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Officers named on the New Year Honours List

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Martin Fry

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A divisional commander who started at BTP when he was just 19, and a Sussex man who volunteered more than 500 hours to policing last year have both been named on the 2017 New Year Honours List.

Chief Superintendent Martin Fry, the divisional commander for London and the South East, has been awarded the Queen’s Police Medal (QPM).

And Special Sergeant Mark Walder, who volunteers for both the British Transport Police and South East Coast Ambulance Service, has been awarded the British Empire Medal (BEM).

Both were named on the Queen’s New Year Honours List, which is announced today.

Chief Superintendent Fry said: “I was very surprised when I received the letter – you think there are so many other worthy individuals out there and I’m just doing my job – but it was definitely a nice surprise.

“The letter was dated 14 December but it had been sat in a pile of things I hadn’t opened at home so I didn’t see it until Christmas Eve!”

Chief Superintendent Fry joined BTP as a PC at Euston in 1977 and has served across the Force, including long stints in CID, leading both the Crime and Professional Standards departments and serving as an area commander and now divisional commander.

During the last 20 years, he has also been seconded to the Metropolitan Police, spent time sharing specialist skills at the IPCC and has also led a number of independent police reviews.

At BTP, he helped develop a team to tackle cyber crime, improved performance and victim care across the Force and has led a full review into changes to improve the way the Force operates.

Chief Superintendent Fry said: “It’s hard to pick out individual stand-out moments but from seeing an advert for a job at BTP when I was a teenager, and thinking ‘that sounds interesting’ to present day, it’s never stopped being a fascinating place to work.”

Special Sergeant Mark Walder joined the Force in 2005 and ever since, has dedicated himself to helping police the railways throughout Sussex.

He undertook 529 hours of police duty in 2016 alone and has shown bravery on numerous occasions, including when he was commended for restraining a violent man who had run into the railway tunnel between St Leonards Warrior Square and Hastings.

In addition to undertaking frontline response policing, he also regularly volunteers to police large scale events such as Brighton Pride, Lewes Bonfire and football events.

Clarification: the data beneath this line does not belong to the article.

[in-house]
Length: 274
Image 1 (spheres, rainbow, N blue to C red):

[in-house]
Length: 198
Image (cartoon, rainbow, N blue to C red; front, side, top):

Special Sergeant Walder said:  “I didn’t join for recognition and I certainly didn’t expect this. I am humbled by this honour but particularly of the fact that colleagues and ex-colleagues have gone out of their way to initiate it.

“I have accepted this honour for them, my family, my friends and my employer who have supported me throughout my career.”

In addition to his commitment to policing, Special Sergeant Walder volunteers as a Community First Responder with his local ambulance service and also works for the Direct Line Group, who he said were very supportive of volunteering.

He added:  “I love what I do as much now, as when I joined. It is volunteering like no other and I would encourage more people to be bold, take the step and become a Special Constable. The Police service can really benefit from the skills people outside the service bring.”

Special Constabulary Chief Officer Ben Clifford said: “Mark has been a Special with us since January 2005, volunteering many hours as a police officer - 529 in the last year alone - to keep the travelling public in Sussex safe.

“As a Special Sergeant he has given much time and effort over many years to mentor and support other Special Constables based at Brighton and Gatwick, helping us get the best from our team there.

“This award is richly deserved recognition of such exemplary voluntary service.”

BTP Chief Constable Paul Crowther said: “I am immensely proud that both of these officers, who have rightly been recognised for their commitment to policing, are part of British Transport Police.

“As our previous head of crime, and now Divisional Commander, Martin is an inspirational role model who consistently delivers above and beyond in his commitment to keep the travelling public and rail and London Underground network safe.

“The dedication of our volunteer Special Constables who give up their free time to help keep the railways a safe environment for passengers and rail staff is also commendable. I thank Mark for the countless hours he donates each year to help serve the rail community and I am delighted his contribution has been recognised with this award.”

 

Detective Chief Inspector Gordon Briggs joined BTP's Professional Standards Department last year and was also awarded the Queen’s Police Medal (QPM).

As a Detective Chief Superintendent at the Metropolitan Police, he oversaw the investigations into the deaths of Diana, Princess of Wales, and Dodi Al Fayed, and presented evidence at their inquests.

As the head of their Child Abuse Investigation Command, his teams successfully prosecuted those responsible for the death of Peter Connelly.

In 2011, DCS Briggs was put in charge of the investigations into phone hacking (Operation Weeting), payments made to police officers by journalists (Operation Elveden) and computer hacking by journalists (Operation Tuleta), as well as assisting with the Leveson Inquiry.

He joined BTP after retiring from the Met in January 2016.

Gordon said: “I have been very fortunate both at the MPS and BTP to be surrounded by capable and professional people with much wiser heads than mine who have supported me throughout by career.

“I feel very indebted to all of them now having been lucky enough to receive this award.”

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Mark Walder

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